A bio-drama, Professor Marston and the Wonder Women tells the story of psychologist William Moulton Marston, and the two women in his life. Martson, a Comic Book Hall of Fame inductee -- as the creator of the Wonder Woman character, was also the inventor of the lie-detector prototype, and a writer of self-help books. The film was written and directed by Angela Robinson. It stars Luke Evans as Marston, Rebecca Hall, Olive Byrne, JJ Feild, Oliver Platt, and Connie Britton.
Professor Marston and the Wonder Women starts with high-energy. It is quite engaging and entertaining through its first half. However, somewhere past that half point, the film loses steam, dragging on and on. While fascinating as a story, the extent of creative freedom writer-director Robinson injects into the story, should declassify this film from “based on a true story,” to no more than “inspired by real events”. The movie has multiple historical inaccuracies, not the least of which is painting the character of Olive Byrne as a bi-sexual woman, who had a romantic relationship with both the professor and his wife. Marston’s descendants deny this vehemently, and claim the relationship between the real two women, was more like sisters sharing a man. I can only suspect a personal agenda by Robinson in writing that plotline into the story. While I have no issue whatsoever with promoting LGBT themes, I do not favor recruitment of people who passed away, by reinventing their character and calling it truth.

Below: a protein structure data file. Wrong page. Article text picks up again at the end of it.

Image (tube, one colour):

Professor Marston and the Wonder Women is not a film one must rush and see at cinemas. At most, it can provide mild entertainment and limited insight as an in-flight movie choice.